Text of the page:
Transgenders contesting in Elections: Change coming to Pakistan?

 The transgenders (Hijra or Khawaja Sira) of Pakitan are very exicted as election day in Pakistan is approaching. This is because of their newly awarded status of third gender (theesri jins) by the courts of Pakistan.

The transgenders, previously dejected due to confusion over determination of their sexes, can now declare themselves as belonging to the third gender – neither male or female.
In Pakistan, there are an estimated 500 000 "eunuchs" or transgenders – a community of castrated men, hermaphrodites, transsexuals, transvestites and homosexuals, traditionally paid to help celebrate the birth of a son or to dance at weddings.
Stereotyped as dancers, beggars and prostitutes, Pakistan’s vibrant but shunned community of transgenders is striking out into politics, with individuals contesting elections for the first time.
In 2009, the Supreme Court of Pakistan recognised the transgenders as a "third gender", ordering they be issued with separate identity cards.
News24 reported about two candidates from the third gender who are very optimistic about the upcoming elections in Pakistan.
One is Sanam Faqeer, born Essa Gul in Sukkur, who was thrown out of home after father’s death, spent the next decade dancing and working as a prostitute, invested in a textiles business and started supplying bed sheets and ladies clothes door to door, branched out into welfare, providing care to elderly eunuchs and registered own charity in 2009.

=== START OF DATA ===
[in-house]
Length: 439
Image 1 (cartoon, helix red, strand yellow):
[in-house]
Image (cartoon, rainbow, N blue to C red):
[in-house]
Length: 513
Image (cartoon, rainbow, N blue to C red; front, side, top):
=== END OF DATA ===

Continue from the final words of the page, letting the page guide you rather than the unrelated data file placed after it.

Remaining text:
Today, the two-room flat of Sanam Faqeer serves as a home, an institute offering transgenders computer training and, therefore, the prospect of more respectable work, the headquarters of her charity and as a campaign hub.
Having won the hearts of Sukkur’s transgender community and hundreds of poor people, Sanam Faqeer is now contesting in the elections.  
Then there is Resham from the city of Gujrat.  Resham is taking on the impossible: Going head to head with Chaudhry Pervez Elahi, the outgoing deputy prime minister and leader of PML-Q, for a seat in the national assembly.
"The main political parties have failed to lessen people’s problems," she said, leaving her house to campaign against rising inflation and poverty.
"Women who are fed up with the political heavyweights – who win elections from our area but don’t do anything for the people – asked me to defeat both of them," she said.
"I am pretty sure about beating them and getting more than 60 000 votes."
Her immediate neighbours are enthusiastic supporters, but others laugh when asked if they would vote for a transgender candidate.
"I can’t take them as anything more than a joke. They can’t win," says Muhammad Iqbal, a 40-year-old shopkeeper in Gujrat’s fish market.
"Resham won’t get any more voters than sex clients," said grocer Javed Iqbal.
Another transgender candidate in Elections 2013 is Bindiya Rana who is contesting from Karachi.
All the transgender candidates are running as independents, limiting their chances of success. 
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